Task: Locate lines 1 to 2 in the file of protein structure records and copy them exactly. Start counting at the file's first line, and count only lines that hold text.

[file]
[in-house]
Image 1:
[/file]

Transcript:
[in-house]
Image 1: